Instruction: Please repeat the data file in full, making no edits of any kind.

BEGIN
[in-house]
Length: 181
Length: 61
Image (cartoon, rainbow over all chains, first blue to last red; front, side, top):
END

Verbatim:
[in-house]
Length: 181
Length: 61
Image (cartoon, rainbow over all chains, first blue to last red; front, side, top):